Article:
If you miss three consecutive periods, you should talk to your primary care physician or OBGYN. Often the source is fairly obvious and a brief discussion with your provider could address the issue, Dr. Stewart said.
Your doctor will start with your medical history and a physical exam. From that information you can work with your doctor to plan next steps, which could be lab tests or imaging studies such as ultrasound, CT scan, or MRI.
Most of the time, you will find a simple solution to get your periods back on track. But its important to seek medical care, since sometimes missed periods could be signs of serious health problems. Thyroid disease, pituitary dysfunction, ovulatory dysfunction, chronic kidney disease or cancer can all be associated with amenorrhea. And those conditions could be linked with problems like osteoporosis, abnormal pregnancy, or cancer of the uterine lining.
Dont Ignore A Missed Period
If you keep track of your periods, youll probably know right away if something is amiss. Keep a period diary in your calendar or get an app designed for that purpose. Your period records can provide valuable information for you and your doctor.
Doctors want to know details about your previous periods so we can determine if theres an issue, Dr. Higgins says. An occasional late period is often the result of something minor, but if you frequently have late or irregular periods, check with your doctor to rule out other health conditions.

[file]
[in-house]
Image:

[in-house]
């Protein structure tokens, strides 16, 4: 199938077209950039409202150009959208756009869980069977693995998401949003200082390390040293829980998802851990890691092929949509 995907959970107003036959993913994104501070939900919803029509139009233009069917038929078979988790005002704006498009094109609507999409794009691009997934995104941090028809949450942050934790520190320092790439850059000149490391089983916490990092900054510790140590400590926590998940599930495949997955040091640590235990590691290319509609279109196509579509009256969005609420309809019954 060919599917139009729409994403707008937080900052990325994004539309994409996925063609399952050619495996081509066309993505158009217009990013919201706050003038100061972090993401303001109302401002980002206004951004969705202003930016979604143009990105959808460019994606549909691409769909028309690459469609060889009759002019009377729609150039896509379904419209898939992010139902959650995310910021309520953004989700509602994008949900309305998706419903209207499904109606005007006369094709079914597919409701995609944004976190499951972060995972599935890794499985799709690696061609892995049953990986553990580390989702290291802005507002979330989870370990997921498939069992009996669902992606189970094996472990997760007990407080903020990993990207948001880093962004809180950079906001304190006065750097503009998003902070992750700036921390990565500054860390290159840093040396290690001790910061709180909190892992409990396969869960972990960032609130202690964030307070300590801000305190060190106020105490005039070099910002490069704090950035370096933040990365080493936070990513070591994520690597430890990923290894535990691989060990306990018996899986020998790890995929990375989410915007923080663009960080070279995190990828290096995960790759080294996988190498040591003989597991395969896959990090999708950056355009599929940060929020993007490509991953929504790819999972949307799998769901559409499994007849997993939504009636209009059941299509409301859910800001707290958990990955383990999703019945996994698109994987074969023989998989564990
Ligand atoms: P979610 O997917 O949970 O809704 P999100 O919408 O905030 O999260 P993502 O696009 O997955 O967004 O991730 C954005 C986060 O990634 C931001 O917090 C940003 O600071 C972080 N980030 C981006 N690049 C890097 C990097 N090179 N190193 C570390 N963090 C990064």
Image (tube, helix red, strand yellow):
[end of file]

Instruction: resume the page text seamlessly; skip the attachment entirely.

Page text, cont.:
Recommended Reading: Can You Donate Blood While Menstruating
Two Months Without Having Period Why
In most cases, a missed period for 2 months would most likely mean you are pregnant, but that isn’t always the case. Your period being late or even missed can be due to a number of reasons. No matter what, it will inevitably make you a little nervous. This article will help you understand the different reasons that may make you miss your period. There are also some helpful tips you can try to get your cycles regulated again. You should always consult your doctor to make sure you aren’t pregnant and rule out any other serious health conditions before trying any home remedies.
Your Period Has Slowed Or Stopped
The big question if you’re not getting your period is — how old are you?
The cause of a missing menstrual period varies by age. “To quit having periods at age 25 is a significantly different issue than quitting at age 50,” Loffer says.
For a woman in their 20s or 30s who is sexually active, pregnancy is always a possibility. “Even if a woman thinks she’s protected, that’s not an absolute guarantee,” Loffer says.
On the other hand, women in their 40s or 50s could be in perimenopause — the period surrounding menopause. As your ovaries slow their estrogen production, periods become less frequent. Periods also can get shorter or lighter during perimenopause. Once your periods stop for a full 12 months in a row, you’re in menopause. The average age for menopause is 51.